I'm sorry to derail this conversation from the title thread, but I love reading posts that I don't quite need yet for little rabbit trails. I am the troop coordinator for our newly formed troop, stemming from another troop. We are anxiously awaiting the new girl handbooks hoping they don't sound as antiquated as they do now. I laugh at saying "antiquated" when we are pursuing a classical education though! For example, the Explorer physical fitness badge requirement to check your heart rate every 5 minutes is a bit excessive. We've also moved on from the food pyramid of the 80/90s........ I am learning a lot about the "spirit of the badge" and that making adjustments is OK! Does your troop (Dianna) have active girl mentors (I mean adults to mentor the girls)? We think this is key and are working hard on finding these individuals early on in our troop history. I hope she sticks with it, but I also understand if she already has another passion that might be something to consider.
      Christine

      (2019/2020)
      DD1 8/23/09 - SC5/6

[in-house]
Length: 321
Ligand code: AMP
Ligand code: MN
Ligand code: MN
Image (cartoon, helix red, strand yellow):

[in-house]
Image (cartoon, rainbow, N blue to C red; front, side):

DS2 9/1/11 - SC3,4, 5/6 combo
      DD3 2/9/13 -SC2 to start, MP1 second semester

      Previous Years
      DD 1 (MPK, SC2 (with AAR), SC3, SC4’
      DS2 (SCB, SCC, MPK, SC2)
      DD3 (SCA, SCB, Jr. K workbooks, soaking up from the others, MPK)

      Comment


        #18
        I love reading what other 9th grade parents are doing! I have my first 9th grader this year, and I'm feeling very nervous about navigating high school homeschool. We're planning to do basically everything at home. We don't have access to a cottage school or a classical co-op, and funds are too tight to do much outsourcing, although I'm considering trying out at least one MPOA class to help us out. Our plan isn't totally nailed down, but this is it so far:

        At home:
        - 9th grade literature (Poetry, Prose, and Drama, Beowulf, Sir Gawain and the Green Knight, Henry V) (He did Hound of the Baskervilles this summer with the free MPOA course and loved it!)